Yelp Is Publicly Shaming Businesses That Incentivize Good Reviews

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Yelp has a new way to deal with dodgy reviews.
Igor Golovniov/SOPA Images/LightRocket via Getty Images

At its best, the internet allows people to share their experiences with businesses and products — and lets people considering doing the same explore a vast array of data to inform their decision. Unfortunately, that is indeed a best-case scenario — and the question of how accurate some online reviews are has endured for almost as long as people have been posting reviews online.

For almost as long as it’s been in operation, Yelp has been dealing with the challenges of filtering out troublesome reviews — including reviews that were paid for by a business looking to game the system. And now, Yelp has figured out a new technique for reducing paid reviews: publicly shaming the companies that engage in this practice.

That’s the gist of a new article by Dianne de Guzman at Eater. Yelp now maintains a page dedicated to businesses that offer incentives for people to give them a glowing review on Yelp. A doughnut shop in Santa Ana, CA was flagged with an image offering customers a deal: give the shop a five-star review, get a free doughnut in exchange.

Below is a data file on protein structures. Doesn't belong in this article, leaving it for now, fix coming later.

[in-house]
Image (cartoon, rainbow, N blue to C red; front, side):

Eateries aren’t the only businesses called out by Yelp for engaging in this kind of behavior. An apartment complex also urged tenants to leave reviews on Yelp or similar services; doing so would qualify them for a raffle where they could get $100 deducted from their rent that month.

Yelp also flagged another category of businesses — namely, cases where “our systems detect a large number of positive reviews coming from a single IP address, or reviews from users who may be connected to a group that coordinates incentivized reviews.”

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This process seems to have struck a fine balance between something that’s eminently understandable — businesses wanting to be reviewed on Yelp and similar services — and those same businesses trying to influence the system by incentivizing positive reviews. (The same thing has come up in discussions of product reviews on Amazon.) As de Guzman points out at Eater, the rise of AI systems makes for a new way to game these systems — and explains why Yelp is pushing back to this extent.


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